From the traditional point of view Buddhism begins with the believer going for refuge to the Three Jewels (triratna), the Buddha, the Doctrine (Dharma) and the Community of monks (Sangha). As the first of these, the Buddha himself, although there is no longer any doubt about his historical existence, the exact dates of his birth and Parinirvana (his physical death) are still the subject of controversy.
In all probability those given by the Ceylon chronicles, the Dipavamsa and the Mahavamsa (excluding its continuation the Culavamsa, the dates of which are sixty years out), equivalent to 563-483 B.C., are not too far wrong.
The events of his life are too well known to be recounted in detail. Born at LumbinI, in the territory of the Sakya republic, of wealthy patrician stock, he went forth ‘from home into the homeless life’ at the age of twenty-nine, attained Supreme Enlightenment at Bodh Gaya at the age of thirty-five, and passed away at Kusinagara at the age of eighty.
During his lifetime his teaching spread throughout the kingdoms of Magadha and Kosala (corresponding to the modern south Bihar and eastern Uttar Pradesh), as well as in the circumjacent principalities and republics. His disciples were recruited from all classes of society, and included both men and women.
Besides instructing an extensive circle of lay adherents, he trained a smaller, more select band of monks and nuns who constituted the Sangha proper and upon whom, after the Parinirvana, the responsibility for carrying on his mission mainly devolved.
His personality, as it emerges from the ancient records, was a unique combination of dignity and affability, wisdom and kindliness. Together with majesty that awed and daunted kings he appears to have possessed a tenderness that could stoop to comfort the bereaved and console the afflicted. His serenity was unshakable, his self-confidence unfailing.
Ever mindful and self- possessed, he faced opposition and hostility, even personal danger, with the calm and compassionate smile that has lingered down the ages. In debate he was urbane and courteous, though not without a vein of irony, and almost invariably succeeded in winning over his opponent. Such was his success in this direction, that he was accused of enticing people by means of spells.
In addition to the ‘historical facts’ of the Buddha’s career, notice must be taken of the myths and legends from which, in the traditional biographies, these facts are inseparable. When Buddhism first came within the purview of Western learning it was generally assumed that myth and legend were synonymous with fiction and that, except as illustrations of primitive mentality, they were valueless. Since then we have begun to know better.
Some incidents in the Buddha’s biography, such as those in which he exercises supernormal powers, may be based on actual occurrences recorded with legendary accretions. Others apparently relate to a different order of reality and a different type of truth altogether, being poetic rather than scientific statements of psychological processes and spiritual experiences.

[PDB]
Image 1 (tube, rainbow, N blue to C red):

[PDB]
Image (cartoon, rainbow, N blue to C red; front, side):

Yet others are in the nature of illuminations caused by the tremendous impact of the Buddha’s personality on the minds of his disciples, and express the greatness of that personality subjectively in terms of the feelings of rapturous adoration which it evoked.
This introduces the great question of the alleged ‘deification’ of the Buddha. According to some modern scholars the Buddha was a human teacher whom the devotion of his followers turned into a god, or God. Based as it is on assumptions quite different from those of Buddhism, such an interpretation of an important doctrinal development must be rejected outright.
Within the context of a non-theistic religion the concept of deification has no meaning. The Buddha claimed to be a fully enlightened human being, superior even to the gods, and as such he has invariably been regarded. Since he was already the highest being in the universe there remained no higher position to which he could subsequently be exalted.
What really happened was that, since Buddhists believed that the Buddha had realized the Truth, thereby becoming its embodiment and symbol, absolute Reality came to be interpreted concretely in terms of Buddhahood and its attributes, as well as abstractly in terms of sunyata, tathata, etc. At the same time the devotion with which the Buddha was worshipped was analogous to that which, in the theistic religions, is the prerogative of the Creator.
Thus there is no question of the deification of a teacher whom his contemporary followers looked on as ‘merely human’; hence we must also dismiss the several theories according to which the Buddha was in reality an ethical teacher like Socrates or Confucius, a rationalist, a humanist, a social reformer, and so on.